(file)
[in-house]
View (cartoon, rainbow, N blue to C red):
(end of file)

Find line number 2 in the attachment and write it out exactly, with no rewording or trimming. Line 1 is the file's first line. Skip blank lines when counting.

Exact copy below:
View (cartoon, rainbow, N blue to C red):